If the goal is to educate every student to the highest potential, schools need to move away from this monolithic classroom model and toward a student-centric model with a modular design that enables mass customization.
Computer-based learning is emerging as a disruptive force and a promising opportunity to make this shift. The proper use of technology as a platform for learning offers a chance to modularize the system and thereby customize learning.
But if this is the case, how does one explain the minimal impact computers have had in the classroom? The United States has spent more than $60 billion equipping schools with computers over the last two decades, but as countless studies and any routine observation reveal, they have not transformed the classroom, nor has their use boosted learning as measured by test scores.
That schools have gotten so little back from their investment comes as no surprise. Schools have done what virtually every organization does when implementing an innovation: Its natural instinct is to cram the innovation into its existing operating model to sustain what it already does. This is perfectly predictable, perfectly logical—and perfectly wrong.
The way to implement an innovation so that it will transform an organization is to implement it disruptively—not by using it to compete against the existing paradigm and serve existing customers, but to target those not being served or not buying what’s served—people we call non-consumers. That way, all the new approach has to do is be better than the alternative—which is nothing at all.
Disruptive innovations tend to be simpler and more affordable than existing products. This allows them to take root in simple, undemanding applications within a new market or arena of competition. Little by little, disruptions predictably improve. At some point, disruptive innovations become good enough to handle more-complicated problems—and then they take over and supplant the old way of doing things.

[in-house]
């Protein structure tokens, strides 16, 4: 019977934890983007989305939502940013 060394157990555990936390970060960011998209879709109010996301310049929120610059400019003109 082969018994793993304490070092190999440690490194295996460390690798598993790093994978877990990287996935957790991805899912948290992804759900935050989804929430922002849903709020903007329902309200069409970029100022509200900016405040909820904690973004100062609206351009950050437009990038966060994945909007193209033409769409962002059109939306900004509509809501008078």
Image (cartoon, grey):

The way to implement an innovation so that it will transform an organization is to implement it disruptively—not by using it to compete against the existing paradigm and serve existing customers, but to target those not being served or not buying what’s served.
For computer-based learning to bring about a disruptive transformation, it must be implemented where the alternative is no teacher at all. There are many areas of non-consumption within schools where this is already taking place. For example, online learning is gaining traction in the advanced courses that many schools are unable to offer; in small, rural, and urban schools that cannot provide breadth; in remedial courses for students who must retake them to graduate; with home-schooled students and those who can’t keep up with the regular schedule of school; and for those who need tutoring. Online enrollments are up from 45,000 in 2000 to 1 million today, as organizations like the Florida Virtual School and Apex Learning lead the way.
Although in its infancy, computer-based learning possesses certain technological and economic advantages over the traditional school model that should allow it to grow and improve rapidly. Not only does it provide accessibility for students who otherwise would not be able to take the course, but it also enables one to scale quality with far greater ease. And as it scales, its economic costs should fall. In the United States, on average, it already costs less to educate a student online than it does in the current monolithic model. Furthermore, over time, computer-based learning can become more engaging and individualized to reach different types of learners, as software developers take full advantage of the medium to customize it by layering in different learning paths for different students.
Exciting possibilities are on the horizon for education. Employing a disruptive approach that is mindful of children’s differences presents a promising path toward motivating students to maximize their human potential and realize their most daring dreams.
A version of this article appeared in the June 04, 2008 edition of Education Week as How ‘Disruptive Innovation’ Will Change The Way We Learn